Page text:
As a former public school teacher and advocate for students everywhere, one issue that concerns me is the lack of access to computer science classes for students in K-12 schools.
The graph below shows the number of AP exam takers in various subjects.
It is immediately obvious that computer science has not seen the growth in enrollment that other subjects have.
But why? Considering that computing is arguably the fastest-growing industry in society today, how is it that our students are not exposed to the study of such a relevant and important subject?
This is a multi-faceted issue, but first, there is a serious shortage of computer science teachers. As a result, currently, only about 10% of high schools in the U.S. offer a computer science course.
To make matters worse, 97% of students who elect to study computer science in college choose the major because they have had prior exposure to computer science before entering college. So what about the students who did not have that opportunity?
Just put the numbers together: most high schools don’t offer computer science, yet only those who have been exposed to it consider it as a possible future career. We can deduce, then, that for most high school students in the nation, pursuing computer science is not even a viable option; they simply aren’t aware of the opportunities that exist.
Computer science is also suffering from an image problem. It is commonly (and mistakenly) thought of as a profession for privileged white males, sitting in cubicles typing away in front of a computer all day, eventually to suffer from extreme boredom and carpal tunnel, and die a lonely death. But that is far from the truth.
Programming is a creative endeavor, with as much opportunities for critical thinking and teamwork as any other field. It is an important and integral part in a variety of areas in society today. Computer professionals work for diverse employers, not just for tech companies. They are the ones who create the tools to make sense of data to inform policy to better the world. They help create technologies that cure diseases. They work with physicists and artists to create the algorithms to simulate the reflection of light or the movement of a strand of hair of a character in Pixar movies. They create platforms like Kiva that empower the marginalized to become entrepreneurs. They write the programs to auto-navigate spacecrafts, such as the MSL Curiosity Rover which, in a split second after the heat shield came off, made a decision on the safest landing-spot, and miraculously guided itself to actually land there softly, all in a low-pressure, low-gravity environment that could not have been replicated for practice here on Earth.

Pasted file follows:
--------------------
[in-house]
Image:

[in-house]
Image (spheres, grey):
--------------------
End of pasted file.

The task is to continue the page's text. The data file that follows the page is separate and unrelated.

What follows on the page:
Anyone who wants to make a difference in the world can get off to a flying start by combining their passion with the knowledge of computer science.
If you are a high school student reading this, I encourage you to give it a try. Take a CS course or join a club if your school has it. If not, there are tons of online courses to get you started, and if you can, sign up for summer coding programs like Girls Who Code and others available in your area. It might just change your life.
If you are in college, chances are good that your school offers an introductory CS course available for non-CS majors. Enroll in it, and you might discover a new passion that you never knew existed.
If you are an adult, it is never too late to start learning. I know many people who got started in this field post-college and have grown to love it. Start taking introductory online courses, and attend meetups to see if there are others like you who might be looking for a study buddy. As far as online courses go, I really like the contents available on websites like Udacity, CodeCademy, and Khan Academy. They are all great places to get started, and each have their unique strengths, so see which one fits your learning style, or try them all.
Happy new year!